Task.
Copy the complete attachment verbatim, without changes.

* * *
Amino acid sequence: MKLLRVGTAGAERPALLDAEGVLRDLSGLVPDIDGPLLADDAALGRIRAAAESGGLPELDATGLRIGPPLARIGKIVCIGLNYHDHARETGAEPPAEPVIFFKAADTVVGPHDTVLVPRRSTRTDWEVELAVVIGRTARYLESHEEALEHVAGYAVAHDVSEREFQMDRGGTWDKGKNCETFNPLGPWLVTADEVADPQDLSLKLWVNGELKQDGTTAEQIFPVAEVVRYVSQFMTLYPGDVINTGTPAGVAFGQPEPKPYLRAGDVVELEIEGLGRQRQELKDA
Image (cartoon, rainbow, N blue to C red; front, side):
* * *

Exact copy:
Amino acid sequence: MKLLRVGTAGAERPALLDAEGVLRDLSGLVPDIDGPLLADDAALGRIRAAAESGGLPELDATGLRIGPPLARIGKIVCIGLNYHDHARETGAEPPAEPVIFFKAADTVVGPHDTVLVPRRSTRTDWEVELAVVIGRTARYLESHEEALEHVAGYAVAHDVSEREFQMDRGGTWDKGKNCETFNPLGPWLVTADEVADPQDLSLKLWVNGELKQDGTTAEQIFPVAEVVRYVSQFMTLYPGDVINTGTPAGVAFGQPEPKPYLRAGDVVELEIEGLGRQRQELKDA
Image (cartoon, rainbow, N blue to C red; front, side):